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Campos Parsi, Héctor

Héctor Campos Parsi, perhaps the most widely known Puerto Rican composer of classical music was born in 1922 in Ponce, Puerto Rico.

Campos Parsi studied liberal arts and earned his degree from the University of Puerto Rico. Shortly afterwards, he began his studies in the United States beginning at the New England Conservatory and then at the Berkshire Music Center summer session with Aaron Copland. The composer returned to Puerto Rico in 1955 just as the cultural scene in his homeland was beginning to flower.

Within the world of classical music, his style can be said to be neo-classicist, along the trail blazed by Aaron Copland. Within that camp, he has composed music both national and international styles. His works are fundamentally tonal although he has also composed electronic and aleatoric music as did important contemporaries such as Boulez, John Cage and others.

In Puerto Rico, he was closely associated with fellow composers Jack Delano and Amaury Veray. Conservative in his politics, Campos Parsi was also known for his strong support of statehood for Puerto Rico.

Some of the composer’s better known works include Sonetos Sagrados (Sacred Sonnets), Sonata in G for piano, Divertimento del Sur for orchestra, Columnas y Círculos for voice and piano, Dúo Trágico a la Memoria de John F. Kennedy for piano and orchestra and Música for three violins.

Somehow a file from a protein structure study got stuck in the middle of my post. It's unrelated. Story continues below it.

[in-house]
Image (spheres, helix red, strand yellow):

Sonetos Sagrados, was composed to commemorate the 500th anniversary of Columbus’ voyage to the New World and Spanish heritage of Puerto Rico. Performed by the Bronx Arts Ensemble and led by Roberto Sierra, it was released on the New World Records label in 1992. The album includes several songs such as Dona Rosita la Soltera as well as five sonnets. The sonnets were based on music of Spain from the 16-1700’s an age known known as the Golden Age of the renaissance. The world premiere came in 1966 during the Inter-American Arts Festival in San Juan.

The Institute of Puerto Rican Culture also released an album of Campos Parsi’s music: Música de Hector Campos Parsi, in the late 1970’s.

As the former director of music programs at the Institute of Puerto Rican Culture, Campos Parsi was instrumental in establishing cultural centers, music festivals, such as Inter-American Festival of the Arts, the San Juan Chamber Music Festival and the Fiesta of Puerto Rican Music. He also staged concerts, and television programs and was active in research and music publications.

His contributions in music earned him international accolades and the Premio de Musica from the Puerto Rican Academy of Arts and Sciences in 1970.

The celebrated composer passed away 30 January 1998 in Puerto Rico.

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